Andrew was (and is) a designer, so our snow forts tended to be elaborate and well appointed. He was management, I was labour. This may be faulty memory, but I remember one particular fort we could stand up in. It had a bed and a table, a sink maybe, possibly running water and a working snow pinball machine! Or maybe just the bed. But it was definitely a sophisticated snow cave. Until the bad kids in the neighbourhood came and wrecked it.

But really I think the thrill of snow forts was being in that tiny space. Without getting all Freud about it, for a kid, a confined space is a break from the everyday wide-open vastness of pretty much everything in the world besides himself. The confined world is the child’s world, where no adult can follow, unless they risk severe cramping.

Andrew and I had other spaces. In our bathroom (six people, one bathroom; these were savage times), there was a laundry hamper we could squeeze into during a rousing game of Hide-n-Seek-n-Socks.

But behind the bathroom hamper was a wall panel for a dark crawlspace that allowed access to the pipes for the bathtub and shower. And when I say “crawlspace,” I mean “clubhouse.”

Everything I know about international espionage I learned from this book.

Andrew and I could squeeze into that space and, armed with a flashlight, manage to pull the panel shut behind us. That was about all we’d do in there. Maybe we’d look at comics (including a very cool but borderline inappropriate 1966 James Bond Annual). Climb the wall framing. Shine the light around. Sniff the mildew. That was about it. But it was our space!

At one point, my brother posted a magazine article in there about the impending arrival of Comet Kahoutek, which was hyped to be one of brightest comets to pass Earth’s orbit in centuries. This was in 1973, so I would have been 7 or 8 years old. In my mind, I somehow transmuted the harmless (and ultimately disappointing) Comet Kahoutek into a cataclysmic, life-ending Earth-pulverizer. I don’t know where I got this idea but I’m going to go out on a limb here and blame my brother.

(Sometime later, I half-heard someone on the radio talking about 1984, presumably in relation to the novel. I convinced myself that 1984 was when the world was going to end. I was old enough to calculate that I would have just finished high school but not old enough to have ever heard of George Orwell. Imagine my relief.)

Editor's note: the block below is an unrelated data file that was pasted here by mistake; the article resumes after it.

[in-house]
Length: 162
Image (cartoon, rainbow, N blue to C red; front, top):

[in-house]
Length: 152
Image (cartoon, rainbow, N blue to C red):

Was the crawlspace a science lab? A post-apocalyptic bunker? An especially damp spy headquarters? Or possibly none of the above. The excitement, I think, was due to being not just in an adult-free space but in a sort of alternate universe inside our house.

(I also used to stumble around our unfinished basement staring at a mirror pointed at the rafters and imagining I was walking on the ceiling. I was the youngest; I spent a lot of time alone.)

Eventually, Andrew and I abandoned the crawlspace. Maybe we outgrew it physically and imaginatively. Later, we had a tree house, which, again, my brother designed while I contributed by way of pestering and hanging around. This tree house was no confined space. It slept three people easily. It had a trap door, windows with sliding shutters, even storage spaces perfect for comic books and earwigs.

There was also purple shag carpeting, so clearly we had a thing for mildew.

Eventually we abandoned the tree house too.

Maybe it isn’t just the confined spaces that appeal to us as children but all the spaces we can escape to, away from the world of parents. It starts with a blanket fort, graduates to a crawlspace, climbs up into a tree house and eventually moves out altogether into the world and a new strange a life of one’s own.

Next thing we know, we have our own kids, and it’s back to snow forts – digging human-sized holes in snow banks, wiggling inside that frozen cocoon with its otherworldly sound and light, lying there under that roof of snow. Until your kids yell, “Dad, it’s our turn!”

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Re: New guidelines for the coming in/going out of March

img_4263The management would like to inform you that, in accordance with our recently adopted policy on heightened inclusivity and respect for species fluidity, March is no longer exclusively required to come in like a lamb and go out like a lion (or vice versa, i.e. coming-lion/going-lamb).

This policy is in accordance with non-binding recommendations by an independent panel convened to address a complaint brought against the calendar year by the Alliance for Animal-Mensual Plurality, which raised objections regarding the binary and mammalcentric approach to the third month of the year.